About George Whyte, Kt.
Sir George White jr was the first member of the White family to own and reside at Hutton Hall. He was not born there, though he may have been born in the township of Hutton. He purchased the Hall somewhere around 1570 from agents of the Rich family, acting on behalf of the grandson of Richard Rich, q.v. (Rich had acquired Hutton Hall as part of his payoff for betraying Sir Thomas More, and may never have actually resided there.)
For more on George White, MP: http://www.historyofparliamentonline.org/volume/1509-1558/member/white-george-1530-84
WHITE, George (c.1530-84), of Hutton, Essex. Published in The History of Parliament: the House of Commons 1509-1558, ed. S.T. Bindoff, 1982 Available from Boydell and Brewer
Constituency: LIVERPOOL 1558
Family and Education
- b. c.1530, 1st son of Richard White of Hutton by Margaret, daughter of (?Sir) Nicholas Strelley of Strelley, Notts.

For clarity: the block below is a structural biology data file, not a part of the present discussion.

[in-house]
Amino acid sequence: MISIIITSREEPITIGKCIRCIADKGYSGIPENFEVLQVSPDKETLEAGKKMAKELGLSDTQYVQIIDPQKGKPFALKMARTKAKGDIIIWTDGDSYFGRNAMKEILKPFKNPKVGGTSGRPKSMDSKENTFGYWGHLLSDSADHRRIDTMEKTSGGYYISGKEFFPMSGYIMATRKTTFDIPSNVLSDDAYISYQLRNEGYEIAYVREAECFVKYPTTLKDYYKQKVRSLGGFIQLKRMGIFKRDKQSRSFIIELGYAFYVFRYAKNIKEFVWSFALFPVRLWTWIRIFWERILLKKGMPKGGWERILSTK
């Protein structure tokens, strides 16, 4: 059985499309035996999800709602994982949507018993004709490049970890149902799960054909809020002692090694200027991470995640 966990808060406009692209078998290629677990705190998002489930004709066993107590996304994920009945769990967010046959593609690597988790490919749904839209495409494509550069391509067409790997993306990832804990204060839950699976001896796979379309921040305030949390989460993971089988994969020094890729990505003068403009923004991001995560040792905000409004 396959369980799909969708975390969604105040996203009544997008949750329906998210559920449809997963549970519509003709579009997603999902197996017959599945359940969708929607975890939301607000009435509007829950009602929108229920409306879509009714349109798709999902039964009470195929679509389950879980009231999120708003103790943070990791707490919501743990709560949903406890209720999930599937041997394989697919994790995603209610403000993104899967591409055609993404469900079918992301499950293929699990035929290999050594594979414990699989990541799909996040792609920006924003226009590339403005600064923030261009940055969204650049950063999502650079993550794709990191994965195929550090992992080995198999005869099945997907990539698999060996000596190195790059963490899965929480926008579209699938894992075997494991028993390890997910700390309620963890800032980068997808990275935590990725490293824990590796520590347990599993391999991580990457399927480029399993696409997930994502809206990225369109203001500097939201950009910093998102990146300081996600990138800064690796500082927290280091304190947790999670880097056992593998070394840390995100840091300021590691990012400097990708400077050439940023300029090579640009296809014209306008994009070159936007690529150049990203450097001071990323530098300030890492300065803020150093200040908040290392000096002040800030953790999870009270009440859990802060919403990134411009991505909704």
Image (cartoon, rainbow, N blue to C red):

- Eton c.1541;
- King’s, Camb.
- admitted Aug. 1545,
- BA 1549/50,
- fellow 1548-50;
- Inner Temple
- admitted Feb. 1552.
- m. by 1560, Catherine, daughter of William Strode of Newnham in Plympton St. Mary, Devon,
- 4 sons, 1 daughter 
- Gent. waiter in 1558;
- escheator, Essex and Herts. 1563-4.
The Whites of Hutton were a cadet branch of the family of that name of South Warnborough, Hampshire. George White probably owed his seat in Lancashire to Sir Edward Waldegrave, who although not yet officially chancellor of the duchy of Lancaster had probably been in control of most of its administration since the death in November 1557 of his uncle Sir Robert Rochester.